Cold-start definition of CompleteSaExample for customization and study

I am carrying out some convergence studies for the validation cases of GSPH 5.0 in grey-box mode. Here grey means manipulating parameters at the level of the command line option rather than of the problem’s source code.

The outcomes of the Dambreak3D example are expected. Project Chrono is disabled and the runs begin with a cold start. If I reduce the particle spacing from 0.0150 to 0.040 units, the number of fluid particles shown in the simulation report increases from ~22k to ~1.5M; the output files contain the fields for the same number of time steps (301); the size of each output files grows from ~5MB to ~160MB. All which could be anticipated.

The outcomes of CompleteSaExample example are unexpected, or rather, an expected fail. Project Chrono is enabled and the initial data are read in from given input files. If I reduce the particle spacing from 0.0150 to 0.040 units, the number of particles in the simulation report is the same; the output files contain information for different numbers of time steps (405 and 50); the size of the output files is the same in the two cases but grows from 17 to 33M in the course of the run. Although I have not spotted a warning catching this, I attribute this behaviour of CompleteSaExample to the fact that the problem sizes defined in the input files and in the command line do not match. Hence, accidents follow.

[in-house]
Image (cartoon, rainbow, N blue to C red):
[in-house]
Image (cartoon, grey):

Would it possible to distribute/forward the version of referring to the cold start? This would help me run these simulations with increasing particle numbers as done with Dambreak3D. This is particularly valuable since, if I am not wrong, completeSaExample is the very template for applications with floatings and the Chrono library, so users may want to start from this to customize their problems.

Directions and corrections welcome.

The issue with CompleteSaExample and all problems using the unified semi-analytical wall-boundary model in general is that the meshing of the boundary and the fluid filling is not done within GPUSPH, but with external tools such as SALOME and Crixus. This prevents run-time selection of the ∆p from the command-line, although I agree that the problem should fail more gracefully with a clear indication of the fact that dynamic particle spacing is not supported.

The problem definitions in GPUSPH were provided by EDF, that has so far been the main sponsor for the development and implementation of the SA boundary model. I’ll forward your request.

Hello @sph_tudelft_nl

can you verify if the .zip file provided in this comment to issue #46 on GitHub provides you with the necessary files to recreate CompleteSaExample at different resolutions?